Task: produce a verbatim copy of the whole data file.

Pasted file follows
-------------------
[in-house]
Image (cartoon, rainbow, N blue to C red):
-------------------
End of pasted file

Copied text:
[in-house]
Image (cartoon, rainbow, N blue to C red):